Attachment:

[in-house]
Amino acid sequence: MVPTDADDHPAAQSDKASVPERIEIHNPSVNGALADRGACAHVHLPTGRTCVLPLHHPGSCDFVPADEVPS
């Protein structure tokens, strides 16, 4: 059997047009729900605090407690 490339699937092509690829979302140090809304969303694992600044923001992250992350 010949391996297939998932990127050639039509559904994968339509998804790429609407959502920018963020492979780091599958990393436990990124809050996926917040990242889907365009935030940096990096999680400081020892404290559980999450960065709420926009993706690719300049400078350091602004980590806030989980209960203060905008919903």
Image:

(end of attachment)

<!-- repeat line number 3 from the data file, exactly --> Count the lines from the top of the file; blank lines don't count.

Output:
């Protein structure tokens, strides 16, 4: 059997047009729900605090407690 490339699937092509690829979302140090809304969303694992600044923001992250992350 010949391996297939998932990127050639039509559904994968339509998804790429609407959502920018963020492979780091599958990393436990990124809050996926917040990242889907365009935030940096990096999680400081020892404290559980999450960065709420926009993706690719300049400078350091602004980590806030989980209960203060905008919903």